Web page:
This collection of weaving charts, Piglet’s Portfolio of Priceless Potholder Patterns, is the work of Piglet Evans and Matthew Simon Cavalletto.
Available for Free
All of the material in this collection is available to everyone for free under an “open culture” license.
This means that you can use these charts to weave as many potholders as you’d like to use, gift or sell, at no cost and without limitation.
It also means that you can print out these charts, make copies of them, give them to your friends, use them as classroom materials, share them online, combine elements of these charts with techniques from other sources, modify them to create your own versions, and so forth.
The Creative Commons CC-By-SA license imposes only two limitations on your use of this material:
• If you share these charts, we ask you to provide attribution, either by mentioning our names or including a link to our website; this is taken care of automatically if you print or share complete pages without trimming off the footer that appears at the bottom with the link to potholders.piglet.org.
• If you bundle these charts into a new collection, by publishing them in a book, web site, or other medium, we ask that you make that collection available to others under the same “sharing-friendly” license terms as we’ve used here.
Open Culture and the Fiber Arts
While we understand the factors that drive some people to try to guard or monopolize their creations via claims of copyright, trademark, and various types of moral right, we have chosen a different approach, as outlined above, and we encourage others to consider doing this as well.
As a matter of United States law, basic techniques for “the design of a useful article” such as potholders are not protected by copyright, and many weaving patterns (including some in this collection) are so old and widespread that they are part of the public domain; on the other hand, some decorative designs as well as the specific words or photographs used to illustrate a pattern in a book or website are implicitly covered by such protection. The boundary between these categories can be difficult to discern, and endless hours have been spent arguing about whether various items should be considered copies of others, or which kinds of sharing each item should allow.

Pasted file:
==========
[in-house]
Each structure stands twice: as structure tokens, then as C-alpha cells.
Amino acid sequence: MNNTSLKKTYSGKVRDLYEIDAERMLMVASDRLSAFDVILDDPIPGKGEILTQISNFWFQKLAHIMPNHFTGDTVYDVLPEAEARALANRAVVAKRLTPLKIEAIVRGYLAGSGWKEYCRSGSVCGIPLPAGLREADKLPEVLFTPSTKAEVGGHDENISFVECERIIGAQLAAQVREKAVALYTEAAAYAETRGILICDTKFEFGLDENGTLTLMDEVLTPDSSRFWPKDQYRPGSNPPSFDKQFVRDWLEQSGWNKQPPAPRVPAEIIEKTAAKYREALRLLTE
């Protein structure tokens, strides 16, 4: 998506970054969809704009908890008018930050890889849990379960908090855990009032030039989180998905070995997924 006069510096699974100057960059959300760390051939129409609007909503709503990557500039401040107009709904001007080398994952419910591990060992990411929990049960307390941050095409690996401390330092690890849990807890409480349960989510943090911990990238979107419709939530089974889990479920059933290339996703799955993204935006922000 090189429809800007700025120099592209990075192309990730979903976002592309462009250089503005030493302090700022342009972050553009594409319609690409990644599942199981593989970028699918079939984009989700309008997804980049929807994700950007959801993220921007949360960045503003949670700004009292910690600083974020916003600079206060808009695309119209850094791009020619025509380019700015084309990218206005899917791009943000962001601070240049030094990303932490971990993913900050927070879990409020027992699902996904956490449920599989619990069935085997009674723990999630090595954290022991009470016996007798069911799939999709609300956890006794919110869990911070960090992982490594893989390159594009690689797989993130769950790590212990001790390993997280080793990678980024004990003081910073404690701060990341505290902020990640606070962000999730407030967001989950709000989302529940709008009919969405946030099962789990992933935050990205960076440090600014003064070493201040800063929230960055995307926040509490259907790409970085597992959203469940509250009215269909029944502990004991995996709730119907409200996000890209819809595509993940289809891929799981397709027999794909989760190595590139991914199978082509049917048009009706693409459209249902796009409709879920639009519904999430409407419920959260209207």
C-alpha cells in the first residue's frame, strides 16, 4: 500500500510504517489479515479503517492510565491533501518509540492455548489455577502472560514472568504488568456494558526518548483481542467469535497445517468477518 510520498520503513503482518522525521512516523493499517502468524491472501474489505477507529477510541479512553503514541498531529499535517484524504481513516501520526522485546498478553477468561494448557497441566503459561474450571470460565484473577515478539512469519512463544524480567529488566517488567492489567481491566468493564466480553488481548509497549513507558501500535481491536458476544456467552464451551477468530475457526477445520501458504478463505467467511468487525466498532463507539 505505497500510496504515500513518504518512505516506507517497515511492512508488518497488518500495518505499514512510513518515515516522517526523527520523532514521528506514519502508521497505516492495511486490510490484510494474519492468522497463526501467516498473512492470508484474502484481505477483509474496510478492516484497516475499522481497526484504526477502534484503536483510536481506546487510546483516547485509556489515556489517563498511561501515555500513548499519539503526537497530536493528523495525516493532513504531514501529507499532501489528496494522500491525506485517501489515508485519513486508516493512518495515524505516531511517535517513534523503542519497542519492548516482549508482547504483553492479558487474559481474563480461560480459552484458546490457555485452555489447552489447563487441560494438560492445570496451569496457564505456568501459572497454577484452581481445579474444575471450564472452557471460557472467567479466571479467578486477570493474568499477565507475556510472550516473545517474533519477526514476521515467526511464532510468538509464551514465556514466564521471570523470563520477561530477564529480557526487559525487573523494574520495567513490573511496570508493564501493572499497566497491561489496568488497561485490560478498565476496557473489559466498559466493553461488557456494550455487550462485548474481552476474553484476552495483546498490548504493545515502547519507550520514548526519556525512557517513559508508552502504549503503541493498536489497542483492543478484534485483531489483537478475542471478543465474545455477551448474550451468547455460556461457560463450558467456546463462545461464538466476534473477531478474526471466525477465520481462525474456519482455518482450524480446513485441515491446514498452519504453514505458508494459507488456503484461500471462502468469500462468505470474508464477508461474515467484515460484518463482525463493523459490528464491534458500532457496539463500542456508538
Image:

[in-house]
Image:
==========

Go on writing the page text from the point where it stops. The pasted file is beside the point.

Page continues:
Thankfully, creators may simplify such questions by releasing their original works under an open culture license.
As a matter of principle, it seems to us that the whole universe of fiber arts is built on millenia of people learning techniques from each other, and then combining and reusing and adapting them. Making things out of string is one of the most fundamental developments of human history — our shared patrimony as a species, stretching back a thousand generations to the Paleolithic era — and after all of that time, to suddenly declare that a certain pattern of strings, or a certain pairing of colors, is uniquely your creation seems profoundly misguided; at heart, these crafts belong to us all.